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Bill Roussel

Roussel & Barrouillet “Clos Roche Blanche” 2007 Touraine “Cuvée Gamay” (Loire) – Clinging, barely, to the tatters of a life shortened by a closure insufficient to the task. There are some lovely red soil aromatics, but everything around and beneath them has fallen into ruin. (3/12)

Gamaybe not

Roussel & Barrouillet “Clos Roche Blanche” 2007 Touraine “Cuvée Gamay” (Loire) – Probably the best of a bad lot, by which I don’t mean that the wine was ever bad, but that the accidental decision to cellar it without realizing the cork was synthetic has led to a lot of dumped wine. This, at least, clings to a sharp cranberried minerality, and there’s a hint of the generosity that was in the finish. Like the others, though, it’s attenuated and shrieking with bared acidity. Thankfully, there’s no more. (2/12)

Colette. First service.

Gauthier “Domaine de Colette” 2009 Moulin-à-Vent “Vieilles Vignes” (Beaujolais) – One does not, as a rule, look to Moulin-à-Vent for early approachability. Even the circus-clown Dubœuf bottlings can be a little brutish in their (briefer than normal) youth. And 2009 is no vintage for quaffers and guzzlers, from any appellation. And yet, here is the exception to every expectation. A wine full of sines and cosines in wave form, a black pulsar of low-level red-fruited radiation, a neutron-star core of particulate minerality, and a soft, quickly-fading finish. The temptation to call it a bad wine just because it’s so obviously “wrong” is, itself, wrong; it’s not a bad wine, though I dare not ask how it arrived at this point. In fact, it’s exceedingly pleasurable.  (2/12)

Vissoux me

Chermette “Domaine du Vissoux” 2008 Fleurie Poncié (Beaujolais) – Closed and weird. And I don’t discount the possibility that there’s something wrong with this bottle. (11/11)

Vegneron & on

La Crotta di Vegneron 2007 Vin d’Ardèche Gamay (Rhône) – Brittle gamay, not fully “ripe” in that the fruit lacks flesh, but with its own appeal as a result. Tinny, perhaps, or put more charitably: high-toned without being overly volatile, and crisp. Lengthily crisp. Crisply long. Whichever. (11/11)

Pause, Undo, Repeat

P·U·R 2010 Morgon Cote du Py (Beaujuolais) – Hmmm. Like half a Morgon – the brawling (for Beaujolais), muscular part – without any of the rest that makes it a complete wine. It’s chalky, angular, and void. There’s hesitation from the staff as I’m served this, hesitation as we (“we” including folks who’ve had it elsewhere, with better results) drink it, and a post-consumption questioning by the server that indicates to me none of the involved parties were entirely happy with this bottle’s performance. So I’m going to guess this is unrepresentative until presented with evidence to the contrary…especially as I can’t believe that so many of my like-palated friends have simultaneously lost said palates. (11/11)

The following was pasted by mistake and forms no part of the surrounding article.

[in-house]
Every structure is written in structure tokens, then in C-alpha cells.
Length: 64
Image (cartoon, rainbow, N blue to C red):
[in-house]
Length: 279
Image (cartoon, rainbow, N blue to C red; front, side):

Roilette paper

Coudert 2008 Fleurie Clos de la Roilette (Beaujolais) – Awkward, its acidity gangly and uncoordinated with body (itself tart and brilliant red). There’s some gravel, as well, but it rests in a pile in the corner, awaiting some sort of conclusion to the motion. Whether bottle-specific or a general comment on maturation, I can’t say. But this is an elbows-and-knees drinking experience. (1/12)

Breathe that Valli ères!

Burgaud 2008 Régnié Vallières (Beaujolais) – Burly, as is more or less the Burgaud house style, with its darkish minerality really showing amidst a violet-hued brew of moderately spiky fruit. As much about structure as forwardness, which is a combination of Burgaud and of age-since-release; normally I’d say this is just closing a bit, but my longer-term experiences with this bottling in other vintages lead me to think it’s just going to sit on this spot for a good number of years, then fade, scowling, into the sunset. So I’m drinking mine. (12/11)


JP Brun “Terres Dorées” 2011 Beaujolais Nouveau “l’Ancien Vieilles Vignes” (Beaujolais) – I’m not the first person, I think, to opine that whatever most natural (red) wines are trying to be, what they’re trying to taste like is Beaujolais Nouveau. Or rather, perhaps, some sort of paradigmatic ideal thereof. Which I don’t know if this is, but it makes a good case for itself. I’ve had more non-Nouveau-like Nouveau, by which I mean wine that tastes less like it was rushed through its fermentation and more like a straightforward Beaujolais, but the fun of the exuberant purpleness (12/11)